What do you use for marking wood?

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Forum topic by Chelios posted 12-28-2010 03:51 AM 4194 views 0 times favorited 28 replies Add to Favorites Watch
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568 posts in 2482 days

12-28-2010 03:51 AM

Topic tags/keywords: question

My eyes are not that great and neither is my light, and that needs to be pretty intense for my eyes to see my marking gauge scribes. I switched to using a white lead pecil I bought at the hardware store. Unfortunately it keeps breaking so I tossed it.

Any suggestions?


28 replies so far

View Roper's profile


1370 posts in 3129 days

#1 posted 12-28-2010 04:11 AM

Thin tip black sharpe, works for me.

-- Roper - Master of sawdust-

View richgreer's profile


4541 posts in 2491 days

#2 posted 12-28-2010 04:52 AM

I don’t have the answer, but I have the same problem. Seeing the mark from a marking knife or scribe is very hard for me. And, dang it, I can’t find a pencil that does not have a lead that keeps breaking.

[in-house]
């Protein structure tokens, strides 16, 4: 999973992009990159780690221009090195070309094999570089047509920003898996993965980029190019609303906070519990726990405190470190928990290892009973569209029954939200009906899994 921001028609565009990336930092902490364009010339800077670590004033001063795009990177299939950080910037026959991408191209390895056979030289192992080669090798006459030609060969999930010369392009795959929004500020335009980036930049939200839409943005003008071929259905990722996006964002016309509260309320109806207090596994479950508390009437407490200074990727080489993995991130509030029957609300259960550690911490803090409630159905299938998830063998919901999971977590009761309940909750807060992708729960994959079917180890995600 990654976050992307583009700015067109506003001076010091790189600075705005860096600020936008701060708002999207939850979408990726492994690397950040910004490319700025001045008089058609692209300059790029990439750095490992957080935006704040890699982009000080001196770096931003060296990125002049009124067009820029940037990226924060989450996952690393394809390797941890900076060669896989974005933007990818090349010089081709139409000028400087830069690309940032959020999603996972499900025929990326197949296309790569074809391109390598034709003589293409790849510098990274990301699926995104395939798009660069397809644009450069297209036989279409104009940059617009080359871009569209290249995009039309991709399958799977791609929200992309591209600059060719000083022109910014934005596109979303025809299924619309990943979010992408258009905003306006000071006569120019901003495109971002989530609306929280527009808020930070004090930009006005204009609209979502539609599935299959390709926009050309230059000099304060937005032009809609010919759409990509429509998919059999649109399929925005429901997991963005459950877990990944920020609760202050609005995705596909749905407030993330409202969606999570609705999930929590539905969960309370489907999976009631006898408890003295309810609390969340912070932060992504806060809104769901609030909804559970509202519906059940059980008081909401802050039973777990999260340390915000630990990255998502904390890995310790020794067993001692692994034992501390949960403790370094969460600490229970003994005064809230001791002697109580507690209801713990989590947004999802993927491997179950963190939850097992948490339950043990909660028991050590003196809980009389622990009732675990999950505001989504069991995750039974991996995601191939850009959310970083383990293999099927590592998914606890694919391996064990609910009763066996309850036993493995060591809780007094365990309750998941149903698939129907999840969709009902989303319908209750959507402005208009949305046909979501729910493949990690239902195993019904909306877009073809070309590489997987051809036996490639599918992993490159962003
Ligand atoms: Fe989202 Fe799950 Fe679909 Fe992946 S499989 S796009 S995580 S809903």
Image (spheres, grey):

I may need to try a thin tip sharpe.

-- Rich, Cedar Rapids, IA - I'm a woodworker. I don't create beauty, I reveal it.

View jeepturner's profile


939 posts in 2209 days

#3 posted 12-28-2010 05:29 AM

When I am using a marking knife, I like to follow the line with a .5mm mechanical pencil. If you hold the pencil down at an angle the small size of lead will tend to follow the mark rather nicely.
The other thing, and I just found them because my wife put a set in my Christmas stocking, is a carpenters pencil. The it is one of those pencils with the segmented refills where you take the used lead out and push the new lead out with it. Maybe I could take a picture if I am not making myself clear. I really like it though. The new lead tips a flat and sharp, and the put down a nice dark thin line.

-- Mel,

View brianinpa's profile


1812 posts in 3139 days

#4 posted 12-28-2010 05:38 AM